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I'm using PHP for some simple shell scripting to convert existing data into SQLite tables on my local machine. However, when I run the scripts on the command line, I do not get errors even when the INSERT function clearly fails (i.e. the records aren't in the table when it's through). Is there an obvious solution to this?

The code below is a simplified version of what I'm using (which has more subloops, etc. which make it difficult to track down what exactly isn't being inserted in the tables). For example, if person's name has a newline char in it, it doesn't get inserted, but I have no error message to determine the problem. Also, I initially forgot to use the single quotes around the emp_name text field, and also did not get an error on the command line.

$db = new PDO('sqlite:mydatabase.sqlite');
$db->exec("CREATE TABLE employee_data (emp_id INTEGER, emp_name TEXT);");    
$db->beginTransaction();
foreach($people_data as $person) {
  $db->exec("INSERT INTO employee_data VALUES ('{$person->emp_id}', '{$person->emp_name}');");
}
$db->commit();
$db = NULL;

Thanks! Bryan

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I suppose it also fails when you migrate O'Brian... –  Álvaro G. Vicario Mar 27 '11 at 20:47

4 Answers 4

up vote 0 down vote accepted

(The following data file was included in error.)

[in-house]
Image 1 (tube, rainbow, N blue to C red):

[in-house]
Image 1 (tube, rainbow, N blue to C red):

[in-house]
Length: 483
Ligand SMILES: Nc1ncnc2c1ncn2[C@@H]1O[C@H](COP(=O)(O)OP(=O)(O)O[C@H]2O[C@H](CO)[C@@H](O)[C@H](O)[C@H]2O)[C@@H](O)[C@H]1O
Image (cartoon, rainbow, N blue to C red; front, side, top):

Thanks for using PDO!

PDO is silent by default. You might want to either enable Warnings mode or Exceptions mode using setAttribute, which will cause it to whine when you do something wrong. If you enable Warnings mode, then also make sure you can display those warnings, which can be done by the commands everyone else has posted.

If you'd rather do it manually, there are errorCode and errorInfo methods that you can check after each query, the use of which is documented on the error mode page I linked above.

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You should set error_reporting to proper level and display_errors to On. This can be done via:

ini_set('display_errors', 'on');
error_reporting(E_ALL & ~E_NOTICE);
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You can add:

ini_set('error_reporting', E_ALL);
ini_set('display_errors', true);

At the top of your script to enable error reporting.

Also in your php.ini file you can enable logging to a PHP error log file. This is probably the easiest approach with a CLI script so you can tail -f in another terminal.

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check your error_reporting in php.ini in /etc/php5/cli (ubuntu/debian).

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